Unlike some places or cultures, where the context defines behaviors, Switzerland for the most part, with one glaring exception, is a nation in which people go about their business headstrong and unyielding.
(The exception is the mountains where it is impossible to allow one’s perceptions, moods, thoughts, or feelings dictate the terms of experience. That doesn’t stop the Swiss from trying.)
The result of Swiss focus can be found in a broad fascination for engineering as a means of twisting the environment to conform to human needs. Unlike some countries, like Japan, which I know best after this place, Switzerland, through its citizens, seeks mastery of nature.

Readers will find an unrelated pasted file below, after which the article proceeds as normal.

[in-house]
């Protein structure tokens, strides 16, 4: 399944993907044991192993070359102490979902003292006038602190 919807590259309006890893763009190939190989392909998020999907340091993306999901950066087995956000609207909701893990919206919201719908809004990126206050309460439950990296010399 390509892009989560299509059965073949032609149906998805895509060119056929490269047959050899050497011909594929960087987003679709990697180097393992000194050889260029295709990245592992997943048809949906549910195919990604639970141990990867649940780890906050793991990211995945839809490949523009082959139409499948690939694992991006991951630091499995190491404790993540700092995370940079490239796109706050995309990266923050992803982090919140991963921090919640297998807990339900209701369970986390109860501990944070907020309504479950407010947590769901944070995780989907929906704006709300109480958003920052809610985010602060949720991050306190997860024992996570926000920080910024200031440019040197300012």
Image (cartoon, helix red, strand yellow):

On a practical level, this means an infrastructure unparalleled (and aided by government mandated allocation of moony to the public sector, yet another irony in a nation notorious for being a haven of tax evaders in their own countries; the tax evaded capital is used, in part, to build a public infrastructure here!).
Even more practically, we are talking about the world’s best breads and cheeses. Why, only yesterday my old friend Rolf Beeler, Switzerland’s top cheese maker, sold me chunks of his Gruyere, Emmental, Stanser Flada, and a craze good Glarus cheese. To say nothing of the Willy Schmidt blue.
Sometimes challenging nature rather than trying to refine it has its gustatory rewards.